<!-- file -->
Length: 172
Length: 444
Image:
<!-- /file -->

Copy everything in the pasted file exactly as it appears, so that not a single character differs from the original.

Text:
Length: 172
Length: 444
Image: